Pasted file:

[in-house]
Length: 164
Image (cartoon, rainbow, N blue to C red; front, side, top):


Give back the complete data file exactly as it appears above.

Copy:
[in-house]
Length: 164
Image (cartoon, rainbow, N blue to C red; front, side, top):